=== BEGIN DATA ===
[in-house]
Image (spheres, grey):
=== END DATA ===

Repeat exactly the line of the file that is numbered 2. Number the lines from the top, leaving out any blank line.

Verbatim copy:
Image (spheres, grey):